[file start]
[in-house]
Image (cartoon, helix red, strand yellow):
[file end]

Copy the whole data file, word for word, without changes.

[in-house]
Image (cartoon, helix red, strand yellow):